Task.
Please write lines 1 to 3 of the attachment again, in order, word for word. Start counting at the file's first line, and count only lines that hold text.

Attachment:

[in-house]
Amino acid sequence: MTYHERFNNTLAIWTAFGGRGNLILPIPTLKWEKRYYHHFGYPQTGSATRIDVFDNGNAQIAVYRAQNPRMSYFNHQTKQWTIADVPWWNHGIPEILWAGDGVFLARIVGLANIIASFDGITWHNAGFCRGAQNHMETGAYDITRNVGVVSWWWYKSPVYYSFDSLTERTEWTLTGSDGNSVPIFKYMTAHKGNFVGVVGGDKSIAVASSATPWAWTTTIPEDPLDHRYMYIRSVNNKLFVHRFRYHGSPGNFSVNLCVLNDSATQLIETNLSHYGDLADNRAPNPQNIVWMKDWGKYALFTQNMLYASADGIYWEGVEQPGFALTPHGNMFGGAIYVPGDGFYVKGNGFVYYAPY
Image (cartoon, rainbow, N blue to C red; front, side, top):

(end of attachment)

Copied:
[in-house]
Amino acid sequence: MTYHERFNNTLAIWTAFGGRGNLILPIPTLKWEKRYYHHFGYPQTGSATRIDVFDNGNAQIAVYRAQNPRMSYFNHQTKQWTIADVPWWNHGIPEILWAGDGVFLARIVGLANIIASFDGITWHNAGFCRGAQNHMETGAYDITRNVGVVSWWWYKSPVYYSFDSLTERTEWTLTGSDGNSVPIFKYMTAHKGNFVGVVGGDKSIAVASSATPWAWTTTIPEDPLDHRYMYIRSVNNKLFVHRFRYHGSPGNFSVNLCVLNDSATQLIETNLSHYGDLADNRAPNPQNIVWMKDWGKYALFTQNMLYASADGIYWEGVEQPGFALTPHGNMFGGAIYVPGDGFYVKGNGFVYYAPY
Image (cartoon, rainbow, N blue to C red; front, side, top):